Prime Minister, Dr.Manmohan Singh recently stated that his government was concerned “as naxalites have emerged in the hilly areas of central India, where our mineral and hydel resources are located. The naxalite movement is gaining momentum and the Centre (the Union Government) is concerned.”
The rebel attacks became more lethal after the Communist Party of India (Maoist) came into existence on September 21, 2004, through the merger of the Maoist Communist Centre of India and the Communist Party of India (Marxist-Leninist–People’s War ). A statement issued by the CPI (Maoist) on October 14, 2004, said: “ We hereby declare that the two guerilla armies of the CPI (ML)[PW] and MCCI—the PGA (People’s Guerilla Army) and the PLGA—have been merged into the unified PLGA (Peoples’ Liberation Guerrilla Army). Hereafter, the most urgent task i.e. principal task of the party is to develop the unified PLGA into a full-fledged People’s Liberation Army (PLA) and transforming the existing Guerrilla Zones into Base Areas, thereby advancing wave upon wave towards completing the New Democratic Revolution.”
The statement further said that new alliance “will continue to expose and resist the expansionist designs of the Indian ruling classes along with their imperialist chieftains, particularly the US imperialists. It will more actively stand by the side of the Nepali people led by the CPN (Maoist), and vehemently oppose the Indian expansionists and US imperialists from intervening in Nepal with their military might. It will also continue to support the people’s war led by the Maoist parties in Peru, the Philippines, Turkey and elsewhere. It will continue to support all people’s struggles directed against imperialism and reaction. It will also support the working class movement and other people’s movements the world over. It will continue to stand by the side of the Iraqi and Afghan people in their mighty struggle against the US imperialist-led aggression and occupation:”
Former RAW chief B. Raman says, that communist rebels were underestimated over the years. “By their success in keeping their movement sustained and in spreading it to 13 States, they have shown that they mean business and have convinced themselves that they can succeed,” he says.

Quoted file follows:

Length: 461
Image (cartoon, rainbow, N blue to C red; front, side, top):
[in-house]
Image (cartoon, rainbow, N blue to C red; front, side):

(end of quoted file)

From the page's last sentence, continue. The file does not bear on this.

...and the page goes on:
Dismayed at the lack of strategy, Raman maintains that “our newly-emerging Silicon Valleys, industrial centres and booming stock markets have become the opium of our ruling class, which is unable to comprehend that beyond the dazzling shine of an urban India awake, there are vast tracts of poverty, misery and economic and social injustice, which are the spawning grounds of a new breed of revolutionaries, inspired by the thoughts of Mao and Lin Biao.”
He believes that while India has been effectively countering militancy in Jammu and Kashmir, it finds itself clueless before the Red Terrorists. “These men just want their right to have two meals a day, to have a plot of land, which they can call their own and to have a job and for their liberation from the servitude under the feudal landlords and rural money-lenders,” says the former Intelligence sleuth.
The People’s Union of Civil Liberties (PUCL), a front ranking civil rights group in India, in its report has also traced the origin of left extremism to deep social disorders. The report said despite India heading to become a global economic power, inequality, exploitation, lack of freedom and democratic space was rampant in the hinterland.
The land, human dignity, wages, employment, repression, harassment, particularly encounters as well as absence of a redressal mechanism for grievances leads tribal, outcastes and other poor people to join leftist movements.
S. Subramaniam, a retired top police officer also traces the rise in extremist lift ideology to socio-economic problems in Indian villages. He has suggested a two pronged approach that included removing the basic socio-economic causes and a well-conceived highly professional plan to deal with the “criminality unleashed by the Naxals”.
He said the rural poor need to be saved from the tyranny of lower ranks of Police, Forest personnel and Excise staff. There is need to run special reorientation programmes to make these categories of public servants to treat rural poor as human beings, he added.